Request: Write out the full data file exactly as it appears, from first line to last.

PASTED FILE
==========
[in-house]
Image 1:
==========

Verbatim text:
[in-house]
Image 1: